Saving on School Supplies

There are a few stores that always make my eyes light up when I walk through them: the hardware store, The Container Store, Your DeKalb Farmers Market, and the office supply store. ESPECIALLY the office supply store. I'm pretty convinced that one of the main reasons I used to get so excited about school starting is because it meant that I'd get new pencils, notebooks, folders, erasers, calculators, etc. Wow, I'm giddy just remembering.

But before I get you all hopped up on an Office Depot high, let's stop, take a breath, and plan a course of action. Here are a few tips for saving time and money while accumulating this school year's necessary supplies.

  • Take inventory of what you already have at home. Look in last year's school bags, your home office desk drawer and any other areas where extra school supplies may have landed. You know that junk drawer in the kitchen? It probably has plenty of pens and pencils to get you started. How do I know this? I've organized a LOT of junk drawers in my time. Plus, I'm a recovering pen hoarder.
  • Check out your local paper's circulars before shopping. Many stores will match the sales prices of other stores so pick the one with the lowest prices on your bigger ticket items and then see if they'll match their competitors' prices on the smaller stuff.
  • Bring your list. Unlike me, try and maintain some degree of self-control when purchasing office supplies. Buy what's on the school's list of the basics and get the heck out of the store. If you need extra support, take someone with you who is immune to the intoxicating smell of new notebook paper.
  • Buy throughout the year as sales come up. But be careful not to buy more than you have room to store. Occasionally, go through your backup inventory so you don't end up with duplication and lots of supplies that weren't needed.
  • Use stickers to jazz up less expensive but functional notebooks and folders. If the kids insist on upgrading to the flashier versions, have them pay the difference to help them learn valuable lessons about money.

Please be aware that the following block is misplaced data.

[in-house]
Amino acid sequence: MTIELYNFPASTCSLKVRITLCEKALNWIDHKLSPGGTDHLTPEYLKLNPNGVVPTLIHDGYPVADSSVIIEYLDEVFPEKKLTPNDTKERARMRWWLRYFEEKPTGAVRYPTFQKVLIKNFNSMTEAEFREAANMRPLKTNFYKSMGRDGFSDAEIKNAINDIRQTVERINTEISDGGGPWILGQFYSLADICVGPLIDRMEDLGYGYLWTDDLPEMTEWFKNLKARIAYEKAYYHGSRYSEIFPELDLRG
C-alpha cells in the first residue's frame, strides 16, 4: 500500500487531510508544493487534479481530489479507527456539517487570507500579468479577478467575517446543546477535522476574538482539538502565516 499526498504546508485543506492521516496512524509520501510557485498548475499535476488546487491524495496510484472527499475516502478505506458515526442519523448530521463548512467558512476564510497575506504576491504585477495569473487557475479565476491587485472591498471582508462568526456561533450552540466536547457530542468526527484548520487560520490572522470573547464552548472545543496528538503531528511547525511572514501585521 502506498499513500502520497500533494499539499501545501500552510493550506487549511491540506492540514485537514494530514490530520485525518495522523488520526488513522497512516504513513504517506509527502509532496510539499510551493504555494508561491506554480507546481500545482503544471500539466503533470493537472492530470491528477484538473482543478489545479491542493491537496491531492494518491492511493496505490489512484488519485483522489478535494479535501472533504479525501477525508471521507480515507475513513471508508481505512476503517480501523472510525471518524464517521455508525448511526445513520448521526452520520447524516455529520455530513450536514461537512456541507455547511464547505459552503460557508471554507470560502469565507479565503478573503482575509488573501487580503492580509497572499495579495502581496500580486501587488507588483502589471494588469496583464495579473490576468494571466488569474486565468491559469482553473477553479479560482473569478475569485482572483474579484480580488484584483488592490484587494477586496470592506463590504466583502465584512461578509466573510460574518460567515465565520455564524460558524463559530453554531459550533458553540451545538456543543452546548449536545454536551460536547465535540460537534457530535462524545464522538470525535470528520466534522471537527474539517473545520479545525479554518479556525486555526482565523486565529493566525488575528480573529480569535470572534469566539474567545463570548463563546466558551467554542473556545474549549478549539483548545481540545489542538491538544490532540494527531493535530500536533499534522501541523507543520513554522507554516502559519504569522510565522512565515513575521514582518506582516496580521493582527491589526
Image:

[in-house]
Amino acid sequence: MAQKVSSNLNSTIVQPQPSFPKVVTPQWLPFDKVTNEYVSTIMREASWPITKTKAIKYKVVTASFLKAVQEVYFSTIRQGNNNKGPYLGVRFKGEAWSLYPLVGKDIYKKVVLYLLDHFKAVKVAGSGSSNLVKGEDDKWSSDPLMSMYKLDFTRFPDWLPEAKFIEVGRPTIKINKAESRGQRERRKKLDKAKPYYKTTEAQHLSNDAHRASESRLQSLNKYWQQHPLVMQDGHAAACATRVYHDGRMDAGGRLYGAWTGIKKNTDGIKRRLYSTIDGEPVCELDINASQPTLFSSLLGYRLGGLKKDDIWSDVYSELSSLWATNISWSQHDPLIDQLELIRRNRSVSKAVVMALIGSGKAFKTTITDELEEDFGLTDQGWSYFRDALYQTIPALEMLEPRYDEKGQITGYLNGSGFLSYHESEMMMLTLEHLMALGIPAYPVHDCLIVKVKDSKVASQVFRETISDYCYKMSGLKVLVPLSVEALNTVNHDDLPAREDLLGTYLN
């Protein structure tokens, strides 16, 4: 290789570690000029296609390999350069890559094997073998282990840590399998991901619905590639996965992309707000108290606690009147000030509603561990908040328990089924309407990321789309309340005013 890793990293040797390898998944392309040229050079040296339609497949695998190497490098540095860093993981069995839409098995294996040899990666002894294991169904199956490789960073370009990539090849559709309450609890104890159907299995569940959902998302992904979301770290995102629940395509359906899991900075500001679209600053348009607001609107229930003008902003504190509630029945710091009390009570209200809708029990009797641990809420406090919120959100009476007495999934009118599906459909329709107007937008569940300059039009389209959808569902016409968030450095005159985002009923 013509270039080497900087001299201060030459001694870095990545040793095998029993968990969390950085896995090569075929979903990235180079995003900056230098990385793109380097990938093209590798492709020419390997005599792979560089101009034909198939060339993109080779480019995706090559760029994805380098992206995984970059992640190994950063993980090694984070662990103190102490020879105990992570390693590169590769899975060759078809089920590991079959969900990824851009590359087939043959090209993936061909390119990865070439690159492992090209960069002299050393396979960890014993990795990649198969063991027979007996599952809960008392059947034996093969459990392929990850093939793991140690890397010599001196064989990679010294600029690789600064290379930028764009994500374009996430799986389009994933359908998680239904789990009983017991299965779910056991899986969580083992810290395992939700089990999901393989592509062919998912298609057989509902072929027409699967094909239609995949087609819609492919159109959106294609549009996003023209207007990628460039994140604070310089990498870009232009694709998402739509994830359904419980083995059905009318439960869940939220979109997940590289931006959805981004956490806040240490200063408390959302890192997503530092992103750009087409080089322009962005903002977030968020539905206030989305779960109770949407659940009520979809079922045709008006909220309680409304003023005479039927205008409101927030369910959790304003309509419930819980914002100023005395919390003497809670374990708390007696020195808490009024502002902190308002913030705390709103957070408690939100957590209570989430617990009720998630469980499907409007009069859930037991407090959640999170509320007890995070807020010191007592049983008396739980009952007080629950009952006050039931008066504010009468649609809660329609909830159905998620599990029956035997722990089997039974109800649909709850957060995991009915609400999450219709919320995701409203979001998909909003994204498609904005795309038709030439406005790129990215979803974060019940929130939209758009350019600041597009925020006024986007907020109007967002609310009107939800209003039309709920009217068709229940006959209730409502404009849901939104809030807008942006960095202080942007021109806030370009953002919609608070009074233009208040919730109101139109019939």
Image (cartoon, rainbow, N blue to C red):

• Consider ordering supplies on line. is a convenient and comprehensive site that caters to elementary through high school supplies. Teachers also swear by for learning tools, games, stickers, and even software.
With a little planning and self-control, you can save a little while sending your student back to school armed with the tools to take on any class or project.

Back to School Made Easy: Clothes

I've always loved school. As a little girl, I would get giddy with anticipation at the thought of starting a new school year. Yeah, I know I'm a freak.

And so we have the new school year fast approaching for many and for some on an alternative annual schedule, it's already here! Throughout August, I'll be providing tips to help ease the chaos of getting kids ready for the new school year:


* Before starting your back-to-school shopping, take stock of what's already in your student's closets and drawers. This is a great time to pull everything out of their closets to determine (1) what still fits, (2) what's not being worn because your kid doesn't really like the garment or it's uncomfortable and scratchy, and (3) what pieces are needed to fill in the gaps.

* If the unwanted clothes are still in like-new condition, find a local consignment store and set up an account so that you can make a little money on your kid's castoffs.

* When you're ready to start shopping, bring a list of the garments you're looking for to flesh out your student(s) closet. Just like at the grocery store, a list helps you save time, stay focused, and minimizes trendy impulse purchase.

* Consider buying new clothes online as long as the seller has a flexible return policy. In my hometown of Atlanta, traffic is so crazy, it's worth it to buy stuff online just to avoid the stress and time of driving. Plus, you can avoid the crowds at the malls and discount stores during the back-to-school feeding frenzy.

* Remember those consignment stores I mentioned earlier? They are a GREAT place to buy clothes for kids, tweens, and teens. A friend of mine has a teen who has just discovered that he can sell his old clothes and get some really cool gently-used clothes in the same store. This new discovery is saving his parents a ton compared to what they'd have to pay to new stuff to keep up with their fickle teen's ever-changing taste in fashion.

Next time we'll discuss ways to save money and time getting school supplies.